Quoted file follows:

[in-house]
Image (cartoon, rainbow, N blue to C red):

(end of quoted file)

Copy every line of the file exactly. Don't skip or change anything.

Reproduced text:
[in-house]
Image (cartoon, rainbow, N blue to C red):